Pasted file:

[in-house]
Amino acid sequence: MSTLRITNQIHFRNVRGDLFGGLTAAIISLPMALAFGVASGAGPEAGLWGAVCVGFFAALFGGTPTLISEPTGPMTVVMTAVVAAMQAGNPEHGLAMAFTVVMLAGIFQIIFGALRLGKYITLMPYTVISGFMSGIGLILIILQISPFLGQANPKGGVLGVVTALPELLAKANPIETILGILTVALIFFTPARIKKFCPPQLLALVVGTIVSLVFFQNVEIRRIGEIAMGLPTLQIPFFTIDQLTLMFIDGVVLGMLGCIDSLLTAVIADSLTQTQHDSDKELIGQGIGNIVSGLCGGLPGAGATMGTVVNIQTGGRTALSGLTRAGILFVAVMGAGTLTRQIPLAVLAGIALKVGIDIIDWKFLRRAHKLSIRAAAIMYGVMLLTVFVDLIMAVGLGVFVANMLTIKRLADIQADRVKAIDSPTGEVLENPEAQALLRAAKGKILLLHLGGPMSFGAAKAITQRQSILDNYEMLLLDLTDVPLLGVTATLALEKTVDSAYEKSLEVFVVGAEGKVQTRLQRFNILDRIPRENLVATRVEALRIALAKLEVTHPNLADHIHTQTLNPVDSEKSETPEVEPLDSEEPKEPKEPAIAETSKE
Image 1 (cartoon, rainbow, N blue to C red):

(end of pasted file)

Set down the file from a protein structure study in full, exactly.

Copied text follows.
[in-house]
Amino acid sequence: MSTLRITNQIHFRNVRGDLFGGLTAAIISLPMALAFGVASGAGPEAGLWGAVCVGFFAALFGGTPTLISEPTGPMTVVMTAVVAAMQAGNPEHGLAMAFTVVMLAGIFQIIFGALRLGKYITLMPYTVISGFMSGIGLILIILQISPFLGQANPKGGVLGVVTALPELLAKANPIETILGILTVALIFFTPARIKKFCPPQLLALVVGTIVSLVFFQNVEIRRIGEIAMGLPTLQIPFFTIDQLTLMFIDGVVLGMLGCIDSLLTAVIADSLTQTQHDSDKELIGQGIGNIVSGLCGGLPGAGATMGTVVNIQTGGRTALSGLTRAGILFVAVMGAGTLTRQIPLAVLAGIALKVGIDIIDWKFLRRAHKLSIRAAAIMYGVMLLTVFVDLIMAVGLGVFVANMLTIKRLADIQADRVKAIDSPTGEVLENPEAQALLRAAKGKILLLHLGGPMSFGAAKAITQRQSILDNYEMLLLDLTDVPLLGVTATLALEKTVDSAYEKSLEVFVVGAEGKVQTRLQRFNILDRIPRENLVATRVEALRIALAKLEVTHPNLADHIHTQTLNPVDSEKSETPEVEPLDSEEPKEPKEPAIAETSKE
Image 1 (cartoon, rainbow, N blue to C red):